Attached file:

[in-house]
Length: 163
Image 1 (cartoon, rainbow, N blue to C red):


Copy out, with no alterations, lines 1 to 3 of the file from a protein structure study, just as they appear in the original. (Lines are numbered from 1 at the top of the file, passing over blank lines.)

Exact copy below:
[in-house]
Length: 163
Image 1 (cartoon, rainbow, N blue to C red):